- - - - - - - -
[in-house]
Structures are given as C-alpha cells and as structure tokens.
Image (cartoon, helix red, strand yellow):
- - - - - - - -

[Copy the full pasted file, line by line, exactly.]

[in-house]
Structures are given as C-alpha cells and as structure tokens.
Image (cartoon, helix red, strand yellow):